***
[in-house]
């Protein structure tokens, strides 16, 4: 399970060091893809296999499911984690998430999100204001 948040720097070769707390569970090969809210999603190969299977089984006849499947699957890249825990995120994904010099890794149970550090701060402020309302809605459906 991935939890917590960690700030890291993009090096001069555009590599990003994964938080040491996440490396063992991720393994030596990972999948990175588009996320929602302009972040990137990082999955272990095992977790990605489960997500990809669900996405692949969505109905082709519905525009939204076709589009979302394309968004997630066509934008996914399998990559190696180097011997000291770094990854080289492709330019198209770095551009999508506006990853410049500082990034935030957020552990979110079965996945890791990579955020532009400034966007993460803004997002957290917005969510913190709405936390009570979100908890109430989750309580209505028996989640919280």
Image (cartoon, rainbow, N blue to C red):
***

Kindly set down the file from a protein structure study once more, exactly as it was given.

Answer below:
[in-house]
């Protein structure tokens, strides 16, 4: 399970060091893809296999499911984690998430999100204001 948040720097070769707390569970090969809210999603190969299977089984006849499947699957890249825990995120994904010099890794149970550090701060402020309302809605459906 991935939890917590960690700030890291993009090096001069555009590599990003994964938080040491996440490396063992991720393994030596990972999948990175588009996320929602302009972040990137990082999955272990095992977790990605489960997500990809669900996405692949969505109905082709519905525009939204076709589009979302394309968004997630066509934008996914399998990559190696180097011997000291770094990854080289492709330019198209770095551009999508506006990853410049500082990034935030957020552990979110079965996945890791990579955020532009400034966007993460803004997002957290917005969510913190709405936390009570979100908890109430989750309580209505028996989640919280």
Image (cartoon, rainbow, N blue to C red):